The campaign activities of state employees are generally governed by the provisions of Conn. Gen. Stat. 5-266a, which is not within the jurisdiction of the State State Ethics Commission.  The Commission does have jurisdiction over one regulation, 5-266a-1, Regulations of Connecticut State Agencies, but that provision regulates the holding of elective municipal office by classified state employees, and is therefore not relevant to the question now posed.  The Code of Ethics does, however, prohibit a state employee from using his state position for the financial gain of, among others, himself or a business with which he is associated. Conn. Gen. Stat. 1-84(c).  The Code also prohibits the solicitation or acceptance of anything of value, including a political contribution, based on any understanding that the vote, official action or judgment of the state employee would be or had been influenced thereby. Conn. Gen. Stat. 1-84(g).  Finally, the Code prohibits a state employee from knowingly accepting a gift from any lobbyist, or any person the employee knows or has reason to know is regulated by his agency or department. Conn. Gen. Stat. 1-84(m) and 1-84(j).  The Code, however, also exempts from its definition of “gift” (1) a properly-reported political contribution and (2) services provided by persons volunteering their time. Conn. Gen. Stat. 1-79(e)(1) and 1-79(e)(2). See Advisory Opinion No. 2004-3, ___ Conn. L.J. ___, p. __ ( ). Accordingly, the gift prohibitions of 1-84(m) and 1-84(j) are inapposite to Mr. Schweidel’s question.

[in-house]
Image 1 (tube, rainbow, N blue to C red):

Applying the aforementioned rules to the facts presented, it would, of course, violate the Code of Ethics for Mr. Schweidel to accept a contribution that is given with the understanding that his official actions would be affected thereby. Conn. Gen. Stat. 1-84(g).   The more difficult issue raised is the application of the “use of office” provision of 1-84(c) to the solicitation and/or acceptance of campaign contributions or volunteered services from employees either supervised by Mr. Schweidel or subject to his authority as a personnel officer.  The Code of Ethics does not contain any language prohibiting a DOC employee or AFSCME union member from independently donating his or her money or time to Mr. Schweidel’s campaign.  As stated above, regulation of the political activities of state employees is not within the jurisdiction of the State Ethics Commission.